Sol’s A80 Build… Part 6

We’re back today in a quest for more power; this shouldn’t come as a surprise to you guys who have been following this post from the jump. Sol has been driving around and getting familiar with the current setup on the Supra. Even though it feels much better, it still isn’t quite where he would like. The end goal for the build is to have 700whp; so far phase 1 – the complete rebuild of the car – has been achieved. It was now time to move forward with phase 2 of the build which starts with adding some camshafts and having the car retuned on some fuel to see how much performance can be gained.

Today I will be taking you through the start of this second phase. I have also included some extra footage along the way, I hope you guys enjoy.

For those of you who have missed the previous posts, I have provided the link below:-

Sol’s A80 Build…. Introduction

Sol’s A80 Build… Part 1

Sol’s A80 Build… Part 2

Sol’s A80 Build… Part 3

Sol’s A80 Build… Part 4

Sol’s A80 Build… Part 5

With that out the way let’s move forward with today’s update…


First on the list of things to be done was to make a stop at the dyno….


Wanting to utilise the tools at their disposal and to have an idea of the current power output, a visit to the dyno was necessary. And in the spirit of documenting this build, it would also be helpful to see the progression.



A few engine bay shots that were taken shortly after we arrived…



Showing off the Precision 6466 and Hypertune intake manifold…

Video footage of the pull that made 383whp with the current pump gas map on 14 psi…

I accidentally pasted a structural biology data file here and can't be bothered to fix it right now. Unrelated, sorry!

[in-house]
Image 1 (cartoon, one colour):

As I mentioned in the intro, it was time for the next phase of the build…


Here you can see work has begun; the valve cover lifted and the stock cams removed…


Based on the set goal of a street car, Sol didn’t want to sacrifice the use of  VVT-i which narrowed his cam options to a select few. In the end a final decision was made to go with Titan Motorsport 272 / 9.9mm lift camshafts.


This process was a tedious one especially when the time came to measure for the under bucket shims. On top of each valve is a shim that sits between it and the cam lobe. Adjustments to the valves are made by changing the thickness of the shim. Scott needed to measure the clearances for the valves on both intake and exhaust, to determine which valves were out of spec and remove the appropriate shims. However, the shims can’t be removed with the cams in place, which makes this process even more time consuming. After Scott removed the cams and the shims, a micrometer was used to measure the shim; he then referenced the measurement to the spec sheet in order to acquire the size needed.

Once the shims arrived, Scott installed them like normal remembering to reference exactly where each one was meant to go. Being as careful as he generally is, Scott then rechecked the clearances after the cams were installed to make sure everything was correct.

This change is necessary because of the increase in duration and lift of the cams that were chosen. When revving at high RPM it is very likely that the OEM shim will be pushed out of the bucket.



BC Racing was the company Sol went with for their titanium retainers and spring kit to support the bump in lift and duration on the new camshafts…


OEM 2JZ camshaft on the left and the new TMS camshaft on the right….



A close up comparison between the two camshafts…


A look at the work station…


Valve cover and other misc parts that were removed for the installation…


I’ll leave you guys with a parting shot to close out this update…


Thanks for taking a look and stay tuned for more to come on this build…


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